Green bank on track to cut CO2 emissions with solar roof

Triodos, a bank that invests in environmentally and socially sustainable projects, has reduced its carbon emissions through its recently installed solar panel array at its headquarters in Bristol.

The bank installed 40 solar photovoltaic (PV) panels to the roof of its offices earlier in the year and is on track to generate almost 9,000 kilowatt hours of clean electricity a year from the array.

The PV panels will also save five tonnes of carbon dioxide per year and benefit from Feed-in Tariff subsidies.

Renewable energy is a key sector for the bank and was one of their largest growth areas for loans in 2011. Triodos recently funded the installation of a large solar PV array for Glastonbury Festival organiser Michael Eavis on the 'Mootel', a cow barn at his Somerset farm.

The bank's new UK headquarters, which is part of a development that includes the Environment Agency's new national headquarters, have been built to demanding environmental standards.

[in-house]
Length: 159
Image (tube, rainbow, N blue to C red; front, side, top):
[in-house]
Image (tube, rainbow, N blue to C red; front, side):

Kit Beazley, Triodos' Head of Finance, said: "Triodos exists to demonstrate that banks can marry sustainability with commercial success, so when we moved to our new building it was important that it matched our ethos and values."

The solar panels, sustainable construction methods and furnishings have helped the building achieve an "excellent" rating under the Building Research Establishment's Environmental Assessment Method (BREEAM).

Leigh Stringer


| BREEAM | CO2 | feed in tariff | green bank | solar | Subsidies


Energy efficiency & low-carbon

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